What if elected officials strongly and unequivocally spoke out in support of insurance coverage for abortion?
If you had any lingering hope that the Institute of Medicine could recommend including contraception in the list of preventive services that should be offered without co-pay and not have a hysterical reaction from anti-choicers, I’m afraid I’ll have to dash those hopes.
The Louisiana House passes a bill that will ban all insurance coverage of abortions while Virginia passes amendment that potentially removes insurance coverage of abortion for state workers and outlaws abortion procedures in a state-run hospitals.
‘Twas the night before Conference, when all through the House…Not a creature was stirring, not even a mouse; The amendments were hung by the manager’s chair, In hope that the votes soon would be there.
It would be a profound tragedy if the U.S. Conference of Catholic Bishops blocks health reform. Religious leaders and people of faith must stand up for powerful changes that protect families and address the causes and problems of poverty.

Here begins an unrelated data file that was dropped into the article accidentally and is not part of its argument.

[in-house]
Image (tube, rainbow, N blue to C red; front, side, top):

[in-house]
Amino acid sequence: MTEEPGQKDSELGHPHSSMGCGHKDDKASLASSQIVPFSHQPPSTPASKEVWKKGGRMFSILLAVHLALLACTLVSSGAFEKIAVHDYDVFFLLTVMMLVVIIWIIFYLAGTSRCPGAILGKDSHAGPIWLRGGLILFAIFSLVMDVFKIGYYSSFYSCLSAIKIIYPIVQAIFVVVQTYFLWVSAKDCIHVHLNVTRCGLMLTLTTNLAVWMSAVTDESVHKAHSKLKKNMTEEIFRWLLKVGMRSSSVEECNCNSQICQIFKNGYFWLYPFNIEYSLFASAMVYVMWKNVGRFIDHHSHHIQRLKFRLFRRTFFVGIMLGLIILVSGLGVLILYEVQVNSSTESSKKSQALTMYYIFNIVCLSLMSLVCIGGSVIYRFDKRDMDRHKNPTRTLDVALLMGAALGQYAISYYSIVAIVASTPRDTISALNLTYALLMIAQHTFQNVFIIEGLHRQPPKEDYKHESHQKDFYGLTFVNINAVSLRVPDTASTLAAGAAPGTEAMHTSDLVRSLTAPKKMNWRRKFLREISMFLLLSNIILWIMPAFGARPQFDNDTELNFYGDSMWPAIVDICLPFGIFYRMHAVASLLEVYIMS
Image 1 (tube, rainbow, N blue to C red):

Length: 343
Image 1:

Yesterday’s NYT op-ed by Rep. Bart Stupak made misleading claims about the Stupak-Pitts Amendment. Here, Congresswoman Lois Capps (D-CA), author of the Capps Amendment, provides a reality check to his claims.
An analysis of the criteria originally set out by the US Conference of Catholic Bishops as priorities for health reform finds that the Bishops have moved the goal posts on their original insistence that reform be “abortion-neutral.”
An article by Kathleen Seelye in today’s New York Times titled “In Congress, a Predicament for Abortion Supporters,” can now be added to the growing list of media analyses that fail to accurately portray the implications of the Stupak amendment should it become law.
I am not convinced by after-the-fact reassurances that the final health reform bill will not include the Stupak amendment. That’s because the table for expanding prohibitions on abortion was set by the Democrats themselves.
We must make legislators the protagonists in the abortion debate by changing the frame, and asking Stupak and his allies: Do you trust women?